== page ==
First, make sure you have the right thermometer. Digital thermometers are easy to read, fast and safer. You'll know in a few seconds whether your child has a fever. Plus, these thermometers are safer than glass ones, which could shatter and expose your child to mercury. According to the American Academy of Pediatrics, babies younger than three should be given rectal readings because they are the most precise.
You want to take your baby's temperature at the right time. Wait 15 minutes after coming in from the cold or taking a bath.
A higher temperature is considered an actual "fever" if a baby has a temperature above 100.4 says the American Academy of Pediatrics.
Know when to call the doctor. If your baby is under 3 months old, call the doctor immediately. If he's 3-6 months call at 101. If older than 6 months call at 102. Also, call the doctor if symptoms include lack of appetite, difficulty breathing, a rash, vomiting or diarrhea. They could point to a serious illness.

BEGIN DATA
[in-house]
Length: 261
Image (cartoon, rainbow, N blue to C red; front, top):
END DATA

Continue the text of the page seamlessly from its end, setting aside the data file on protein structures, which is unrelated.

A home remedy to try and lower the fever is a lukewarm bath. If your crying infant won't tolerate the tub, strategically apply a washcloth instead. Uncovering his extremities is solid advice too because that's where most heat escapes the body.
Doctors usually get the most calls in the late afternoon and early evening. Everyone has a temperature fluctuation of about one degree, depending on the time, and it peaks late in the day. So , a high temperature in the morning is more of a concern than in the evening.
For more information about babies and temperatures and other parenting tips, click here.
Jessica Hartshorn & Erika Wortham